Neal surfaced long enough to catch a glimpse of a dim, blurry aqua green scrub shirt and a St. Jude's medal on a necklace. The nurse was talking to him, but Neal couldn't focus on anything besides the medal. The patron saint of lost causes. Ivan Aivazovsky had drawn a very nice pencil sketch of Jude's betrayal in... Consciousness slipped away before he could recall the year.


Someone was squeezing his hands, but Neal just wanted to go back to sleep. The ache in his head was pulsing. It didn't hurt so much as it was just there, pressing in from his temples. Someone squeezed his hands again, and words started to filter into his awareness. “Can... squeeze... hands? Neal?”

He tried to push the person away, but they must have misconstrued it for following orders, because they said, “Good,” and moved down to his feet. It tickled when they ran something up the sole of his foot, and he jerked away.

“Leave me 'lone,” he murmured.

The voice sounded much more chipper and closer to his ear when she spoke again. “Can you open your eyes for me, Neal?”

“Go 'way.”

“Open your eyes for me, and then you can go back to sleep.”

“Sl'p,” Neal repeated, prepared to accept the offer. His eyelids lifted, but he slammed them shut as the light in the room pierced all the way through his brain. He cried out and got one hand up to his eyes to try and rub the pain away.

There was a clattering in the background, and he thought he heard the voice, but the pain overrode his senses. Suddenly, a rush of cold fire ran up his arm, and he fell back into the pitch.


Neal blinked and squinted. The only light in the room came from a dim bulb somewhere behind his head, so he was having a hard time figuring out if Peter or Elizabeth was sitting in the chair beside his bed. The Petelizabeth mass shifted, and he realized that they were sharing the chair.

“Neal.” Elizabeth spotted him first and smiled. She kept her voice low and, for that, he wanted to kiss her. “How are you feeling?”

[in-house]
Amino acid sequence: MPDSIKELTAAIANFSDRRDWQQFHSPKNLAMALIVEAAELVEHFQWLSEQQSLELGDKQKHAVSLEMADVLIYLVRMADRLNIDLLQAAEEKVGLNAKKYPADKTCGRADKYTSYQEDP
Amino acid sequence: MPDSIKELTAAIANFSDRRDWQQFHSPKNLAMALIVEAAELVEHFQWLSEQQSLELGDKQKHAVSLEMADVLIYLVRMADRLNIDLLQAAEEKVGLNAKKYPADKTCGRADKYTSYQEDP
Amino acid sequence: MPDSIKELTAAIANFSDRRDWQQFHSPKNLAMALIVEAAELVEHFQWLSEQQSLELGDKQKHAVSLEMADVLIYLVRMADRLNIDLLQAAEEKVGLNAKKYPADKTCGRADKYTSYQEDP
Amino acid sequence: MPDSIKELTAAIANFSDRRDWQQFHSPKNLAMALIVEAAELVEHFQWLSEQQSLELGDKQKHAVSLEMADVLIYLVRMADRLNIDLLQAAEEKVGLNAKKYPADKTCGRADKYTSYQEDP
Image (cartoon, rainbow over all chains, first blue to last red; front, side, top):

“'M okay,” he responded softly. His throat was sore and dry, but his whole body felt sore, so he pushed it aside to focus on the room.

“I'd believe that if you could open your eyes all the way,” Peter said, leaning closer as Elizabeth moved to perch on the edge of Neal's bed.

Neal didn't have anything to say to that, so he let his squinted eyes sweep the room. Mozzie was in the corner, and he lifted a hand in greeting but otherwise didn't move. Neal was grateful that his oldest friend was giving him space to get his bearings. He thought he waved in return but couldn't be sure that his hand actually responded to the command from his brain.

“June wanted to stay, but she had an appointment.” Elizabeth told him, smoothing his blankets.

He tried to still her hand, but his aim was off, and he wound up patting her forearm instead. “How long?” he asked with a slight cough.

“This is day two.” Peter pressed the call button. He hesitated before asking, “What do you remember?”

“Uh...” Neal closed his eyes and tried to dredge up some memory of how he wound up in this hospital bed with a headache, a sore jaw, and some tender ribs. “I don't... did we have a case?”

“Yes,” Peter replied, patiently.

“Insider trading. There was boxing.” He opened his eyes and pinned Peter with a frown. “You have a killer left hook.”

Peter paled at his choice of words. Neal could have died from his injuries, would have if Mozzie hadn't checked on him. This was too close a call for anyone's comfort.